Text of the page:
Cuckson Report // Pippa Cuckson
New Endurance Rules Lost in Translation
New endurance rules were so incomprehensible that after a closed debate they were all shelved until 2019 pending further discussions.
British people, certainly my generation, can be very lazy about other languages. Much of the world has English as its first or second tongue, so we think we don’t have to bother. I was taught French in a very academic way in the 1970s, equipping me read Sartre without having to consult a dictionary too much, but not confident enough to chat for hours with an actual person.
I lost my nerve on a trip to Berlin years ago, when trying to give directions to a fellow tourist. After establishing we had a smattering of French in common I proudly escorted him to a watch shop a couple of blocks away. But he wasn’t saying he wanted a horlogerie. He was trying to find the Hard Rock Café.
Clumsy misunderstandings are not always a cause for levity. I have often felt that rules for horse sport drafted in English by someone who is not a native English speaker and then debated by people for whom English is also only a second or third language is a major handicap for the FEI. A number of FEI regulations do not actually say what people think they say.
All this came to a head at the FEI General Assembly in Uruguay last week where new endurance rules proposals were so incomprehensible, several delegates tell me, that after a closed debate they were all shelved till 2019 pending further discussions.
The official reason for delaying them is that it wasn’t fair on riders to introduce new rules part way through the qualifying period for the 2018 WEG. I don’t recall that ever being advanced as a reason for suspending new rules in other sports, even though jumping, dressage and eventing also have an Olympic qualifying cycle to cope with, unlike endurance.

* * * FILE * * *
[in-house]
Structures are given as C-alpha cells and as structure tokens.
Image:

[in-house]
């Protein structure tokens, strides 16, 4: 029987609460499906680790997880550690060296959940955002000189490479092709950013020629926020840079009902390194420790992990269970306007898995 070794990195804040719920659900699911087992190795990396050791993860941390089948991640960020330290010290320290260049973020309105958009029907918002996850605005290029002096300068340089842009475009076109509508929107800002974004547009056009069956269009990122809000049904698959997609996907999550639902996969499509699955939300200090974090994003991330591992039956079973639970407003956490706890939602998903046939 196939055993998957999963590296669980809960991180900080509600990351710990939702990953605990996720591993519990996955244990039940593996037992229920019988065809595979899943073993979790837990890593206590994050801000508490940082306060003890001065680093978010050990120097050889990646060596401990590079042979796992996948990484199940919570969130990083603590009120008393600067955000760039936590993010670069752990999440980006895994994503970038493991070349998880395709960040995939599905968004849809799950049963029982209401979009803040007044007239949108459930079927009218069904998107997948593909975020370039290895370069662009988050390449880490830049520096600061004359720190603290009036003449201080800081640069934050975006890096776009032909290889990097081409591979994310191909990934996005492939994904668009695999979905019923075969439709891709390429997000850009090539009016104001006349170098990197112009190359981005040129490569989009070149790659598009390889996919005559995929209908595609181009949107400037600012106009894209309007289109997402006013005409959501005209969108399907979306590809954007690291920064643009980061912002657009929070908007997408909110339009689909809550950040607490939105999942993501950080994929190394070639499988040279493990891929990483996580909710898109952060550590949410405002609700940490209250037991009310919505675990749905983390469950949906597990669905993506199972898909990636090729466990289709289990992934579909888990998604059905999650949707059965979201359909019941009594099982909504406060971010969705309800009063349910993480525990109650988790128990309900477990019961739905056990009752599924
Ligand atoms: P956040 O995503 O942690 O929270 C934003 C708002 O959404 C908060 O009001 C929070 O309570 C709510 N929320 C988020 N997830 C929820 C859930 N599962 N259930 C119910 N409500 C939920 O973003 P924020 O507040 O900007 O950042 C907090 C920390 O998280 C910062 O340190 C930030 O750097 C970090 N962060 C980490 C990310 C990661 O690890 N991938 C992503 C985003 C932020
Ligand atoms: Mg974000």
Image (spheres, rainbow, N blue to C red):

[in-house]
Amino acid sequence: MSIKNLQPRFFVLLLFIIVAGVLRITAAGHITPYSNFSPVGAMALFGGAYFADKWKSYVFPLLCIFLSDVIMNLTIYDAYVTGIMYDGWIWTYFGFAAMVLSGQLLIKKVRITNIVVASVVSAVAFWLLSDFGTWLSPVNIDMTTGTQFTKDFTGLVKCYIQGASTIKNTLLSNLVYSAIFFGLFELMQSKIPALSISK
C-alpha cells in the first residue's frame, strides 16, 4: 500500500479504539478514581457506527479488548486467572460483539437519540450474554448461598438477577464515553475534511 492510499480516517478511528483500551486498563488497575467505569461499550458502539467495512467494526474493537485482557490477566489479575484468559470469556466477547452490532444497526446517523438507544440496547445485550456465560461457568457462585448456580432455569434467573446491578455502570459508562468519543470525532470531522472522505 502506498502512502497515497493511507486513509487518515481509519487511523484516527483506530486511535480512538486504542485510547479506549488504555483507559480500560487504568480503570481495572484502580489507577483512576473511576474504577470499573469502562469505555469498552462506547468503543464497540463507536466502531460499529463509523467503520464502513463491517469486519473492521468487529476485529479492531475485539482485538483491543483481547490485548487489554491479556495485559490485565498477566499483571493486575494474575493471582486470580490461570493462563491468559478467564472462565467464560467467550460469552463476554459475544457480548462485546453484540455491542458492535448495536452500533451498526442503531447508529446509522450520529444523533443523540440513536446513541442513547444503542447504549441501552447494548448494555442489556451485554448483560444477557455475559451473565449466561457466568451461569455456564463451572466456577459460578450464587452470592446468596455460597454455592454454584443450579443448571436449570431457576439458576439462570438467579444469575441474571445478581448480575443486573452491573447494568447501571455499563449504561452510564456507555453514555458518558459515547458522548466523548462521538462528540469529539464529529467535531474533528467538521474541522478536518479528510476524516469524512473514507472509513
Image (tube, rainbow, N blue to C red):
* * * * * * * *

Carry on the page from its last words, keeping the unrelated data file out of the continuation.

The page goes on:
The greater likelihood that the new endurance rules were shelved because they were not understood (also, I suspect, opening the door for a bit of brinkmanship from the UAE and others targeted by the welfare aspects.) This is evident in the final day’s debate that was held in public. If you have a spare half hour you can see the shambles in all its glory in this extract from the official livestream. I have watched it several times since and am still not sure what the hell was going on.
Despite the fact they will be re-visited, votes still went ahead on the detail of the new but now defunct rules. Each topic had to be re-explained endlessly. In the background, a bureau member can be heard muttering to endurance chair Brian Sheahan that FEI endurance director Manuel de Mello wasn’t putting it over properly. Well, here’s a radical thought: why not intervene and help him out?
A very distinguished judge, Major Yap of Malaysia, grabbed the mike twice to complain vociferously about the process. He was especially concerned that voting was being taken on a minor point of detail about five-star rides, before the principle of introducing this new upper level at all had even been agreed by the nations. He was asked to shut up. But if Major Yap, who is steeped in endurance, didn’t get it, how can we be sure that the 50-odd national federations who do not do endurance at all cast their votes wisely?
The other tragedy is that, as the 2017-2018 UAE season car-crashes into yet another attempt to break both legs and the land-speed record new welfare measures have been caught in the crossfire and are also now shelved till 2019.